PEORIA, Ariz. —
Darren Skousen was supposed to be somewhere else on Friday.
“I should be coming out of surgery this morning and recovering from a kidney transplant. But I’m not,” he said on his front porch in Peoria.
Skousen, a 43-year-old parks and recreation worker for the City of Glendale, learned Thursday morning that he would get the kidney he’d been waiting for.
How did he feel? “Euphoric.”
It was the third time in the last year and a half that Skousen had been alerted there was a kidney for him. The first two didn’t result in a transplant.
“It’s an emotional roller coaster," he said. “You try not to get too excited.”
After he got the news Thursday, Skousen was ready to go.
He did pre-transplant tests - blood, COVID and others - at Banner University Medical Center in downtown Phoenix.
But just hours after he got the news that a kidney was available, he said, Banner scrubbed the transplant.
“When you’re told ‘no.’ it’s a punch in the gut,” he said. “You want it so bad.”
Skousen said Banner told him the hospital didn’t have a bed for him.
“I received a call at four o’clock saying everything worked out except they had to turn it down because there were no beds at the hospital for me,” he said.
“They were filled to capacity. I assumed it was all the COVID stuff going on.”
Across Arizona, hospital beds are virtually full, and hospitals are taking steps to free up more of them for COVID patients:
-A record high 91 percent of all intensive care unit beds - more than 1,400 - were occupied as of Friday. Just 156 are available statewide.
-COVID patients now occupy half of all ICU beds in use, up from one third a month ago.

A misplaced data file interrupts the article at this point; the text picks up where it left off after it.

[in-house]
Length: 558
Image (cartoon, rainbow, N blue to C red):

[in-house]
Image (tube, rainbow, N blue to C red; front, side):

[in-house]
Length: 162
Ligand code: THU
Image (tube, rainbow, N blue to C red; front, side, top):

-Half of all inpatient beds in use are also occupied by COVID patients, up from a quarter a month ago.
Behind the scenes, Banner Health and other hospitals are cutting back on surgeries and moving patients around to create space for the anticipated surge of coronavirus patients.
Earlier this week, Arizona’s hospitals got the go-ahead to activate rarely used “crisis standards of care” for treating patients.
The standards give hospitals more freedom to decide which patients are treated with scarce resources. The hospitals also get protection from lawsuits.
A recent study found transplant centers are backing away from the operations out of concern about the potential impact of COVID-19 on donors and recipients, as well as uncertainty about exponential COVID case growth overwhelming the health care system.
A Banner spokeswoman declined to comment on Skousen’s case, citing patient privacy rights.
Skousen’s not upset with Banner. “Banner’s been nothing but good to me,” he said.
But he does want Arizonans to know about the unseen people suffering because of the coronavirus’ out-of-control spread.
“There are a lot of people that are struggling right now and are affected by this that people don’t even see,” he said.
“It’s very political, but I feel that If masks could help, if staying away from people could help, why not do it?”
Skousen said another person needing a kidney transplant - “where they have beds” - will likely get the kidney that had been destined for him.
He had his first transplant 18 years ago. An autoimmune disease had killed both his native kidneys.
“Transplants don’t last forever,” Skousen said. “I was lucky enough to get 16 years out of it.”
So Skousen’s nightly dialysis sessions will continue.
“Dialysis sucks, it really does,” he said.
“I’m tired all the time and don’t feel great. You kind of get used to not feeling good. But I’m alive.”
The “Darren Needs a New Kidney” Facebook page won’t be shut down, just yet. But it could be a while.
“People wait 10 years sometimes.”